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The Turkish government plans to fix the country’s tamoxifen drug shortage problem by allowing a local company to manufacture the product.






The Minister of Health, Ahmet Demircan, said recently that a local company was being licensed to produce tamoxifen citrate from January 2018. The name of the local producer has not yet been disclosed but industry sources believe it is Kocak Farma, a fast-growing pharmaceutical company with a strong production infrastructure. Kocak Farma had not responded to a request for comment from the Pink Sheet at the time of publication.



There has been a tamoxifen shortage in Turkey for months now. Since around March, it has been difficult to find generic tamoxifen, which is produced and imported by Teva, as the company has not been able to meet demand.



Teva, for its part, told the Pink Sheet it is looking for a factory in Turkey to manufacture tamoxifen locally. It said that for months now it has been working hard to provide sufficient amounts of the product for Turkish patients.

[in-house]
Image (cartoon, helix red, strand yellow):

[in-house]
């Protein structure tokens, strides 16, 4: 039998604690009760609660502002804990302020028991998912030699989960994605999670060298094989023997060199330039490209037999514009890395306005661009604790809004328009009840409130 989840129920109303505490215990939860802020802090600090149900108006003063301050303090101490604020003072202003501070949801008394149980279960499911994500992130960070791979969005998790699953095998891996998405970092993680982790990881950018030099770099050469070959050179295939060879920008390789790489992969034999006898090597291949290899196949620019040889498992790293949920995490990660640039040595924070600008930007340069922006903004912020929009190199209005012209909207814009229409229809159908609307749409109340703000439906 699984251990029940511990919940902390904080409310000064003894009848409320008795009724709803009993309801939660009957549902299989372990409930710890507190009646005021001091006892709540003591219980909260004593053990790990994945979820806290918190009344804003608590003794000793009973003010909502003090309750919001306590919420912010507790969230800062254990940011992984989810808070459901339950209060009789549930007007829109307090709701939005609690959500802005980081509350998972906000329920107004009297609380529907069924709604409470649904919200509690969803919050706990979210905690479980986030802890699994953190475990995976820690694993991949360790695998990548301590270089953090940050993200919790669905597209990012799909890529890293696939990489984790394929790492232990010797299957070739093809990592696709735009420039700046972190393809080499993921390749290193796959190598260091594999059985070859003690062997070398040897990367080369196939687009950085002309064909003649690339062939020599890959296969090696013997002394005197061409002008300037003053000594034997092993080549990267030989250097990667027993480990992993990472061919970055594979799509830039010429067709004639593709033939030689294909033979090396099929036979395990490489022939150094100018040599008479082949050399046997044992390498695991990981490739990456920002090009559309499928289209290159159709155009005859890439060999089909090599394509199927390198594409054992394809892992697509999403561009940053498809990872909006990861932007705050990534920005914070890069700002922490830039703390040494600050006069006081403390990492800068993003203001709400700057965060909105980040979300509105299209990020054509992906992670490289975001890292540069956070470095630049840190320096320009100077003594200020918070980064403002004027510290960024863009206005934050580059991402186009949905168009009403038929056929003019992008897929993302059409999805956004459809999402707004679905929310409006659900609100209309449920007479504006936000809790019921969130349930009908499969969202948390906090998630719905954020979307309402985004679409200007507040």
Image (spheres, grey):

Despite Teva’s efforts, the problem remains. The company said that some patients are buying more tamoxifen than they need due to the fear of not finding the product in future. It added that black market activities around the drug are increasing as many patients are willing to pay higher prices for the product.



Shortage Prompted By Low Prices

Turkey’s tamoxifen drug shortage problem began after low prices for the drug prompted AstraZeneca to halt the importation of its original branded product Nolvadex, which held almost 70% of the market in Turkey. After AstraZeneca halted local sales – because of the low unit price of TRY11 (around $3) – Teva became the main importer of tamoxifen.



Low drug prices in Turkey and drug shortages are a recurring problem affecting multiple therapeutic areas. The country uses the exchange rate of TRY2.34 to the Euro to calculate drug prices. In the market today, the rate is around TRY4.15, meaning that some end prices end up too low to make imports commercially viable for manufacturers. Affected companies generally do not stop providing their drugs completely in Turkey so as not to lose their license to import their product, but they reduce the amount significantly.



Tamoxifen is used to treat hormone receptor-positive breast cancer and is a first choice in Turkey for premenopausal women with the disease. The estrogen-blocking drug is also used in postmenopausal women with breast cancer who cannot be treated with aromatase inhibitors.

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